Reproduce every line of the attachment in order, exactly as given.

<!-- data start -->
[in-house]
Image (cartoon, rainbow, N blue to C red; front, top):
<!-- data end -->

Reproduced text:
[in-house]
Image (cartoon, rainbow, N blue to C red; front, top):